Healthcare News

'What Older Women Want' - New Website For Doctors And Patients Based On CMAJ Study Findings

February 23, 2017

A Canadian study of older women's health needs and concerns published in the Canadian Medical Association Journal in July 2005, and reported widely in the media, has sparked a new website directed at both patients and health practitioners: wowhealth

Known widely as 'WOW' or the 'What Older Women Want' study, conducted by Drs. Cara Tannenbaum, Nancy Mayo and Francine Ducharme, the study asked 5000 older women across Canada which of their health needs they felt were not being met or addressed adequately by their health practitioners.

Their answers surprised many in healthcare provision, since the key topics the women highlighted were not concerned so much with critical care concerns or disease treatment, but primary care and disease prevention.

Among the top unmet concerns Canadian senior women mentioned were: screening and treating urinary incontinence; counselling about memory loss (or perceived memory loss); and exercise strategies to address falls and functional decline.

"Women were very satisfied with the care they were receiving to treat their blood pressure and prevent heart attacks and stroke, but emphasized gaps in care surrounding more 'taboo' issues, such as discussing urine or memory loss," says Dr. Tannenbaum, a Geriatrician at the Institut universitaire de gériatre de Montréal, and lead author of the WOW study. "It may be that women are uncomfortable talking about these issues with their physicians because it is embasrassing, because they believe it is a part of normal aging or because they are unaware that treatments exist."

In order to address this gap in primary health provision and give older women what they want, Dr. Tannenbaum teamed up with the Canadian Women's Health Network and the Centre de recherche de l'Institut universitaire de gériatrie de Montréal to create the WOW website: wowhealth

The website contains a portal for health consumers that provides health information on the three unmet health needs of older Canadian women: urinary incontinence, memory loss and exercise. The information is clear, straight-forward and easy-to-read, with engaging illustrations and diagrams. The focus is on prevention, with tips on diet, lifestyle changes and exercise; treatment options are also provided.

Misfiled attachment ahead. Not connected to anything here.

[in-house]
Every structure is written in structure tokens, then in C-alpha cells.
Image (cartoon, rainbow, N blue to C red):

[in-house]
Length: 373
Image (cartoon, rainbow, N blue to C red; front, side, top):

But the onus is not left only up to older women to seek and address their own health needs. The WOW website also has a portal for health practitioners, outlining the kinds of questions that practitioners should be asking their older female patients routinely, and the ways in which they can provide prevention and improvement strategies to their patients for urinary incontinence, memory loss, as well as the particular exercise needs of older women.

"When asked, clinicians admitted that they often do not pursue these issues because there is rarely enough time during the medical visit and they often get the impression that their patients are reluctant to talk about it," states Dr. Tannenbaum. "That is why it is so important that we get the message out that something like urinary incontinence can be effectively treated in up to 75% of patients with simple behavioural techniques, and that clinicians should routinely screen for it."

The WOW website was funded by the Canadian Institute for Health Research Knowledge-to-Action fund.

"The goal with the WOW website was to find an effective means to translate the research we have done on older women's health concerns into tangible results. We want women to be able to articulate their needs and clinicians to learn what questions they ought to be asking," Dr. Tannenbaum adds.

The WOW website is the essential first step to make sure that older women's unmet health needs and concerns are present in health care provision, and communicated in ways that both senior women and their health practitioners can understand.

To visit the What Older Women Want website for health consumers and practitioners, visit: wowhealth

For full study details on the What Older Women Want study, visit this link.